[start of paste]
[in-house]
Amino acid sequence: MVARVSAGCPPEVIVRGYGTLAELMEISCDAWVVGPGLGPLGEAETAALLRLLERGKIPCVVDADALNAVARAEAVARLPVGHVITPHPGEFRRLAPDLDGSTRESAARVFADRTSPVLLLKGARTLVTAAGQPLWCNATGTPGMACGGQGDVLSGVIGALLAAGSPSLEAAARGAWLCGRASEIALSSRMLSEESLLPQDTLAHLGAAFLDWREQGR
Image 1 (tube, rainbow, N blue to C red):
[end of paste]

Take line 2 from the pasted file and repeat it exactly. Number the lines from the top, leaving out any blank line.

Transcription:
Amino acid sequence: MVARVSAGCPPEVIVRGYGTLAELMEISCDAWVVGPGLGPLGEAETAALLRLLERGKIPCVVDADALNAVARAEAVARLPVGHVITPHPGEFRRLAPDLDGSTRESAARVFADRTSPVLLLKGARTLVTAAGQPLWCNATGTPGMACGGQGDVLSGVIGALLAAGSPSLEAAARGAWLCGRASEIALSSRMLSEESLLPQDTLAHLGAAFLDWREQGR